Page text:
Router Bit Basics

Types of Router Bits and What to Look For When Buying Router Bits

By Mark J. Donovan

For some of you high tech folks out there, before there was the IP Switching Router, there was the woodworking router. A woodworking router, and it’s ever so important router bit, are used for a variety of woodworking purposes, however in general they are used for rounding edges on wood surfaces. For example, the rounded or smoothed edges on your table or desk were most likely done using a router.

Depending upon the type of router bit, a router can also be used to carve intricate patterns in wood and to make custom trim moulding.

There are at least a few dozen standard types of router bits to choose from, and as a result, it can get complicated to determine which router bit is appropriate for your particular woodworking project.

In addition, custom router bits can also be fabricated out of steel if you can’t find what you’re looking for at the hardware store or home improvement center.

There are four common router bit styles to choose from. They include Edge bits, Grooving bits, Joinery bits, and Specialized bits.

Edge router bits are used for creating different edge styles on wood surfaces, such as round-over, beading, and flush edges.

Grooving router bits are used for carving or writing into wood surfaces. Grooving bits are often used to write names, addresses, or cute sayings into pieces of wood. Within the Grooving bit family there are round-nose bits, straight bits, and V-groove bits.

Joinery router bits are used to help fashion joint for furniture, such as desks, cabinets, and dressers.

Wood Router

Within the joinery router bit family there are finger joint bits, dovetail bits, drawer lock bits, and Rile and Stile router bits.

Lastly there are Specialized router bits that create, for example, raised panels on cabinet doors. In addition, there are other specialized router bits that are used for creating key holes and T-slot bits.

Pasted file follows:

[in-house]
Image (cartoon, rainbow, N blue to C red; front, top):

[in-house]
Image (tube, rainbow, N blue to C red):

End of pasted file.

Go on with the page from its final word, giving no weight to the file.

One of the key attributes to look for when buying router bits is their hardness strength. Most router bits purchased at home improvement box stores have tungsten carbide tips. Tungsten carbide, a.k.a. carbide, router bits are extremely hard and are resistant to heat. Thus carbide router bits will stay sharper and last longer than non carbide tipped router bits. The only negative with carbide bits is that they can occasionally chip and when doing so they can damage the wood they are cutting.

They are also more expensive than the alternative router bit made from High Speed Steel (HSS). This said, carbide tipped router bits are preferred by most woodworking carpenters due to their long lifespan and fine cutting edge, compared to an HSS router bit.

When cutting wood with a router always make sure that the router bit is clean and free from pitch. A dirty or pitch coated router bit will cause the router bit to wobble as it cuts, resulting in less than a perfect cut. Also, in order to prevent your router and router bit from overheating always use the widest and shortest bit possible. Using a wider and shorter router bit will ensure cleaner and straighter cuts, as well as prevent the risk of burning the wood as it is cut.

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